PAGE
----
Sight and sound are a given in virtual reality, but other senses are still getting left out of the loop, including touch. Most VR “touch” is a gentle rumble from a controller, standing in for every possible tactile sensation. But at the Game Developers Conference, a company called AxonVR is showing off a haptic system that’s frankly pretty awesome — even if it reminds me a bit of the pain box from Dune.
The box below is part of what AxonVR calls the HaptX platform, which is supposed to include a haptic suit and force feedback exoskeleton. Its haptic system uses tiny actuators that put pressure on different points of the skin, changing temperature as they do so. The result, when paired with visual suggestions from a headset, is a highly precise (by current standards) imitation of a real object. AxonVR isn’t the first company to hit on the idea of using pressure and temperature to simulate touch, but these methods are still far rarer than the usual vibration-based haptics.
For now, AxonVR’s prototype is a flat array of actuators attached to a large silver box. In order to use it, you slide one hand palm-up under a smaller box on the front, then put on an HTC Vive. Inside the Vive, you see a virtual version of your hand, and a series of items: an apple, a spider, the aforementioned deer, and more. You can’t actually use this hand for interactions, though. Instead, you drag objects onto it using a Vive controller in your other hand. When you drop one of them onto your open palm, the system depresses your skin to match. For an apple, you’ll get a round, even pressure. The corner of a small block will poke at a specific point. When the deer lands on your palm, you can feel each of its tiny hooves.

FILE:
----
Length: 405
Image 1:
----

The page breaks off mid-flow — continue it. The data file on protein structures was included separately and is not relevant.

"THE SPIDER’S LEGS WERE WAY TOO BIG"
The array’s “resolution” is still relatively low. It’s composed of over 200 actuators, which sounds like a lot, but isn’t enough to completely fool our skin. So the deer’s hooves, for example, felt a little bit too large. When I dropped a spider onto my hand — which was, yes, a little creepy — the dissonance got even more pronounced. Instead of its needle-thin legs, I felt distinct pressure points, like I was holding a tarantula or a handful of pencil erasers.
But when the temperature system comes into play, it can feel eerily realistic. When I rubbed a chunk of snow over my hand, my palm chilled almost painfully. A heated block felt like putting my hand too near a stove — not hot enough to actually burn, but enough to suggest the sensation. (It’s also not remotely on the level of a Bene Gesserit testing device, although apparently Dune star Kyle MacLachlan has actually tried HaptX.) The magic wasn’t in the mere presence of heat or cold, but in the intensity and precise distribution of it.
It’s going to be a while before any of these sensations leave the box, if they ever do. AxonVR’s website shows off a haptic suit, but miniaturizing this system into clothing seems like more of a long-term goal. Chief revenue officer Joe Michaels says the temperature system works by pumping fluids around the array, something that’s difficult to put into something svelte and wearable. And while the system is great at overall shapes, it doesn’t simulate textures — the skin of a ripe apple felt the same as the metal of a grenade. That feature might make it into a future version, though.
AxonVR’s products are aimed at businesses, particularly companies working in design and manufacturing, as well as those creating training simulators. If HaptX proves popular, it could make its way to consumers as well, through theme park attractions and other location-based entertainment. Will that happen? As with many VR peripherals, it’s going to be an uphill struggle. But even if AxonVR’s work isn’t the future of haptics, I hope more people can check it out.